We are living in so-called first world societies where economic disparity is trending toward developing world levels. Some numbers you can argue about individually if you like (and how does your head feel buried in the sand?), but the aggregate situation is beyond debate:
— The one percent holds 35.6 percent of all private wealth, more than the bottom 95 percent combined.
— The 400 wealthiest individuals globally have more wealth than the bottom 150 million Americans.
— Between 1983 and 2009, over 40 percent of all wealth gains flowed to the one percent and 82 percent of wealth gains went to the top five percent. The bottom 60 percent lost wealth over this same period.
— A significant amount of the redistribution of wealth, redistributed upward, took place following the 2008 market collapses in the United States as bailouts, shorts, repossession of home and land, and new laws helped the top end of the economy at cost to the bottom. More and more of government is controlled directly by corporations.
— The world’s one percent own $42.7 trillion dollars, more than the bottom three billion residents of earth.
— A rising tide lifts all yachts, as historian Morris Berman observed. Less than half of Americans do not own any stock at all. The wealthiest of Americans own over 80 percent of all stock, and 40 percent of America’s land.
It’s Getting Worse
Now add to that grim tally new information that shows the problem of gross income and wealth inequality is getting worse.
A report from McKinsey finds that in developed economies such as the United States two-thirds of all households experienced “flat or falling” incomes over the past decade, from 2005-2014. In the U.S., the portion was even worse: 81 percent.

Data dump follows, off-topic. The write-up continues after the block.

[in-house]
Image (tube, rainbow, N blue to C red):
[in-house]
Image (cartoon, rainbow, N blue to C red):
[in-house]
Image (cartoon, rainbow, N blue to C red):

“While the recession and slow recovery after the 2008 global financial crisis were a significant contributor to this lack of income advancement, other long-run factors played a role — and will continue to do so,” McKinsey notes. “They include demographic trends of aging and shrinking household sizes as well as labor-market shifts such as the falling wage share of GDP.”
Capital Beats Labor Every Time
As predicted by economists from Karl Marx to Thomas Piketty, this is the natural progression of capital (making money by owning things) over labor (making money by working.) It represents the same basic economic world of the Middle Ages, land-owning kings and serfs who have no option but to work the fields.
It is statistically likely that you won’t live a better life than your parents did. The economic world of your parents and grandparents was an aberration, a one time exception that was called the American Dream. And even that was largely limited the white people.
Do enjoy that gig economy youngsters, and hope Uber doesn’t put you out of an income by flooding the market with more drivers.
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